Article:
Helen’s Roald Dahl challenge book 10 – Fantastic Mr Fox

About the book

244280068_1381411209“In the tradition of The Adventures of Peter Rabbit, this is a “garden tale” of farmer versus vermin, or vice versa. The farmers in this case are a vaguely criminal team of three stooges: “Boggis and Bunce and Bean / One fat, one short, one lean. / These horrible crooks / So different in looks / Were nonetheless equally mean.” Whatever their prowess as poultry farmers, within these pages their sole objective is the extermination of our hero–the noble, the clever, the Fantastic Mr. Fox. Our loyalties are defined from the start; after all, how could you cheer for a man named Bunce who eats his doughnuts stuffed with mashed goose livers? As one might expect, the farmers in this story come out smelling like … well, what farmers occasionally do smell like.

This early Roald Dahl adventure is great for reading aloud to three- to seven-year-olds, who will be delighted to hear that Mr. Fox keeps his family one step ahead of the obsessed farmers. When they try to dig him out, he digs faster; when they lay siege to his den, he tunnels to where the farmers least expect him–their own larders! In the end, Mr. Fox not only survives, but also helps the whole community of burrowing creatures live happily ever after. With his usual flourish, Dahl evokes a magical animal world that, as children, we always knew existed, had we only known where or how to look for it.” – Amazon.co.uk

img_mr_foxAbout the Authorroald-dahl-640x360

Roald Dahl was a British novelist, short story writer and screenwriter of Norwegian descent, who rose to prominence in the 1940’s with works for both children and adults, and became one of the world’s bestselling authors. read more at Goodreads.com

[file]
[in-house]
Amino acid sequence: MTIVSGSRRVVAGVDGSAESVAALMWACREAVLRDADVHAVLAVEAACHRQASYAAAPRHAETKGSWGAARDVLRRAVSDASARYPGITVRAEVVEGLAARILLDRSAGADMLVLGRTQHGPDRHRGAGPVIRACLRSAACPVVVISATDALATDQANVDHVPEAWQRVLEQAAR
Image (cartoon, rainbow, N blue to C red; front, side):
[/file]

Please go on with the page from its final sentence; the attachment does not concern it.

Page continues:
My review
*spoilers* *spoilers**spoilers*
Opening line:
“Down in the valley there were three farms. The owners of these farms had done well. They were rich men. They were also nasty men. All three of them were about as nasty and mean as any men you could meet. Their names were
Farmer Boggis, Farmer Bunce and Farmer Bean.”
Roald-Dahl---Fantastic-Mr-Fox44 Since I started these challenges and running LBCPuffins, I do wonder why a book is a certain length and why as adults certain fiction books have to have so much information in it to tell a story. Obviously a kids book couldn’t necessarily be 300 pages long, the child would get bored, but why can’t we have short to the point fiction books for adults like fantastic mr fox is?
These days I wonder if books are just written for the purpose that  it might be turned into a film one day, rather than it just being a book and the words never leaping to screen. Books provide us with small or large worlds which we can absorb ourselves in and escape from our daily chores.
Boggis, Bunce, and Bean one fat, one short, one lean. Those horrible crooks so different in looks are nonetheless equally mean.
I read this book in one sitting and loved every minute. I may have read this when I was younger as it seemed so  familiar but it could also be Dahl’s style of writing that makes me believe that.  We begin this story with three farmers who all very rich and have very different personalities, however they are all outwitted by the marvelous Fantastci Mr Fox and plot to get rid of him.
One day the farmers decide that they will sit outside the hole of the 1010575-_28fantastic Mr Fox and finish him once and for all. Of course Mr Fox is quite cunning and after finding the farmers digging down into their home the foxes start off on an adventure to save their skins and tiumph over the famers once and for all.
When I researched this book, there was a lot of questions asked about the moral of stealing. I was slightly shocked and the depth in which some of the articles had about this book. Surely it’s a children’s book to be loved and enjoyed.
“We can do it! You see if we can’t! So can you!” – The Small Foxes
I thought it showed teamwork and friendship and how different animals pulled together to beat their mutual enemy the farmers. The feast at the end was such a lovely picture, again illustrated by Quentin Blake, the black and white ink drawings hold as much suspense and Rolad Dahl’s writing. Another lovely marriage.
This book should be loved and enjoyed as a children’s book, a one to read to the little ones before bed. Not as something that is seen to teach them bad ways like some suggest. I recommend whther you have children or not to grab a copy and cheer on Fantastic Mr Fox as it one of the most fun reads I have had in ages.

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